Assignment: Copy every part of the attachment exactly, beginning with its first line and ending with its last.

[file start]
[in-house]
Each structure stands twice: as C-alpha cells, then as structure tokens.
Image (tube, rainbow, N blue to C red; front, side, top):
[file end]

[in-house]
Each structure stands twice: as C-alpha cells, then as structure tokens.
Image (tube, rainbow, N blue to C red; front, side, top):